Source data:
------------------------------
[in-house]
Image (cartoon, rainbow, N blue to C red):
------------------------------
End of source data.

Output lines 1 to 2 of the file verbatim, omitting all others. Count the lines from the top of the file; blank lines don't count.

[in-house]
Image (cartoon, rainbow, N blue to C red):